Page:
Both voltages are too low. A fully charged battery will read 12.6 volts. A good but discharged battery will still read 12.0 volts. At 11.5 volts you either have a shorted cell in the battery or it's really really discharged.
The generator must put out between 13.75 and 14.75 volts with the engine running. !3.0 is not enough to force the battery to take a charge. There's two possible causes to look at first. A shorted cell in the battery will tend to hold system voltage down regardless what the generator tries to do. With low system voltage, the voltage is much too low that is causing the current to flow to create the magnetic field inside the generator. When the magnetic field is low, the output developed will also be low.
The second possibility is there's a defective voltage regulator or a defective diode inside the generator. With one bad diode out of the six, you will lose two thirds of the generator's capacity. That will leave it with not enough output current to keep up with demand for the fuel pump and many computers and lights.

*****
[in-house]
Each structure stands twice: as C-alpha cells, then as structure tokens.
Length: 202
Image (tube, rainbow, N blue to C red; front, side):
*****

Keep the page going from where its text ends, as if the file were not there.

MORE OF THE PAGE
The place to start is by using a battery charger to recharge the battery on the lowest setting for a couple of hours, then, with the charger turned off, turn on the headlights for 10 - 15 seconds, turn 'em off, then remeasure the voltage. If it's not near 12.6 volts, replace it.
If the voltage is around 12.6 volts, you should find most of the running symptoms have cleared up during a short test drive. If the voltage continues to drop while driving, suspect the generator or voltage regulator. The voltage regulator is built into the generator on most import vehicles.
Thursday, May 17th, 2012 AT 10:31 PM